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I am pretty sure that the following variance objective function should be a convex quadratic problem. My objective function is as follows:

$$ \text{argmin } \text{var }(X*L) \xi \geq 1, \text{ where } \xi \text{ are integers} $$

$\xi$ are random variables, $1 \leq i \leq 1000$ and elements of vector $X$. $L$ is a $1000\times20$ known matrix.

I tried to solve this problem with fmincon and by thresholding the final variables. However each time I run the algorithm with a different initial point, I get a different answer. The step size and tolFun are 1e-100.

Could you shed light on the problem for me?

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  • $\begingroup$ If $X$ is simply variables that you control, there will be more than one choice of variables that gives minimum variance. In multiplying $X*L$, the left nullspace of $L$ provides variations in $X$ that do not affect the final evaluation. $\endgroup$ – hardmath Jun 4 '15 at 12:06
  • $\begingroup$ Same confusion here. Please write your opt formula clearly. You have capital X and small x. Is x>0 a constraint? Are you sure it is not x>=0? var(constant + x) = var(x), why is sum(L) here? $\endgroup$ – jf328 Jun 5 '15 at 11:54
  • $\begingroup$ Thank you for your comments. I made some changes hope it's clarified now. $\endgroup$ – sarah daneshvar Jun 10 '15 at 5:12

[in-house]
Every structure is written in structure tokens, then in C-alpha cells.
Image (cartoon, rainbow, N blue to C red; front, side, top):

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You can formulate and solve this using YALMIP under MATLAB. You can download YALMIP for free http://users.isy.liu.se/johanl/yalmip/pmwiki.php?n=Main.Download . YALMIP will do the dirty work for you. Install YALMIP, run yalmiptest to test installation, read http://users.isy.liu.se/johanl/yalmip/pmwiki.php?n=Tutorials.Basics .

I generated L= rand(1000,20) and solved the following problem in under 3 sec when YALMIP selected cplex by default as the solver. It also solved it in under 3 sec using scip. These times are if I don't impose a constraint X >= 1 (see next paragraph, because I am confused as to what your optimization problem actually is).

However, and this is an important point, the problem as you have stated it always has an optimal objective value = 0, which is achieved with X = all zeros. So you need some other constraint on X or a different formulation in order to have a non-trivial problem. If you do that, it is possible that the run time could go up considerably. I have been ignoring ξ >= 1; I don't know what your problem is. I have assumed that X is a vector of the optimization (decision) variables. So you need to fix up the problem. Clearly state the objective and what the decision variables are, and what the problem inputs are. I don't know what ξ is or how it enters the objective function. O.k., here's my guess: you mean that all elements of X are >= 1. is that correct? If so, this will take a long time to run.

n = size(L,1);
X = intvar(n,1) % declares X to be an n by 1 vector of integer variables
sol = optimize([X >= 1],var(X'*L))

If you want to specify a particular solver, such as scip, rather than letting YALMIP pick what it thinks is best from among the installed solvers, use

sol = optimize([X >= 1],var(X'*L),sdpsettings('solver','scip'))

If there are any other constraints, put them inside the [] , separated by , or ;

After the problem has been solved, the optimal argument value (i.e., argmin) is obtained with

value(X)

This is being solved as a Mixed Integer QP. YALMIP is putting it into the form needed by the solver.

By the way, I believe FMINCON will ignore tolerance of 1e-100; it just can't handle that, so it will use what "it wants to".